The $787.2 billion economic stimulus bill was enacted to save jobs, create jobs, and breathe hope into a nation mired in a deep recession—but the vast majority of the money is still waiting to be spent. But here are 7 industries that are poised to put the money to good use pronto (and might give you the opportunity to do the same).
- Broadband: $7.2 billion
There’s been a lot of fuss about the $7.2 billion being a mere drop in the broadband bucket—bringing high-speed Internet to rural and suburban areas throughout the U.S. could cost upwards of $350 billion. But the current spending focus on mapping out the need for broadband could cause a treasure trove of valuable consumer information to rise to the surface. Look for e-commerce enterprises to capitalize on the detailed knowledge of knowing which markets are equipped with what systems—tech & marketing jobs could thrive from every level from the ground floor to the executive suite. (And if you’re viewing this via dial-up, help is on the way.)
- School Construction: $24 billion in zero- or low-interest bonds
People in the construction industry were generally disappointed by the amount of stimulus money designated for their industry. By now, a lot of the general infrastructure improvements have already come and gone. The good news is that part of the stimulus law called Qualified School Construction Bonds creates a sort of loophole for the construction industry. They won’t have much luck building new strip malls, but building, renovating, and adding on to school facilities is eligible for extremely affordable bonds. Unlike some of the stimulus money, these funds would be borrowed. But the opportunity is still there for a lot of people in the industry to find work and assist in making our schools better along the way.
- Home Remodeling Industry: 30% tax credit
Familiar with the Residential Energy Property Credit? How about the Residential Energy-Efficient Property Credit? These are tax credits implemented and enhanced by the stimulus bill. The direct payoff for consumers is a 30% credit for energy-saving remodel costs and alternative energy installations. The maximum credit for insulation, windows, doors, roofing, and energy-efficient heating and cooling equipment was raised to $1,500. And there’s no ceiling on credit claims for installations of alternative-energy solutions like solar panels, wind turbines, and geothermal heat pumps. The indirect bonus comes to the Home Remodeling Industry itself. Response to the tax credit has been slow thus far, but the big home improvement chains and smaller service businesses should take advantage as consumers gear up for winter with energy-saving solutions. Right now should be an excellent time to find work in these industries.
- Retail: Indirect boost
The cash-for-clunkers program gave the auto industry a potentially life-saving shot of adrenaline this summer. But the effect of car-buying incentives spread throughout the retail industry. In the wake of the huge wave of car buying, retail sales went up 2.7% nationwide. Excluding auto sales, retail spending in general rose 1.1%—almost triple the projected rate. Could it be that spurring people to make major purchases has consumers feeling “spendy” again? That trend should breathe life into the retail job market and the national economy as a whole.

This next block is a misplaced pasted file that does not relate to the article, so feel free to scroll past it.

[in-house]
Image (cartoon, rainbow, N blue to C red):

- National Endowment for the Arts: $50 million
This isn’t a huge sum of money compared to other industries, but perhaps more than any other industry, the spending is very specifically focused on job retention. In the face of intense scrutiny, NEA stimulus funds are going to existing institutions that have received and responsibly used NEA grants in recent years, and they’re directing recipients to use funds for jobs. The financial boost might not open the floodgates for jobs in the arts, but it will keep the dream alive for plenty of artists.
- Social Work helping abused women, crime victims: $335 million
The first casualty of a failing economy is often the nonprofit sector. Organizations relying on donations find it hard to function when their donors can’t afford to donate. Part of the stimulus package is helping to make a difference for people whose difficulties extend beyond the economy. $225 million designated to advocates and shelters for victims of abuse is helping keep jobs in social work viable. The bill won’t make anybody rich, but it can give social workers and the people they assist the priceless commodity of hope.
- Medical Research: $5 billion
President Obama recently announced a package of $5 billion in new medical research grants. But some reports estimate that the National Institutes of Health have already awarded up to $9 billion in grant money to existing medical research since the stimulus bill was signed in February. The potential windfall in the world of health is enormous, with medical researchers being the first to benefit. The trickle-down effect could work its way throughout the medical community as doctors, technicians, and other staff pursuing research work could create job openings in non-research positions. Indirect beneficiaries include the construction, education, manufacturing, and other service industries.
What do you think? Is the stimulus bill stimulating the economy?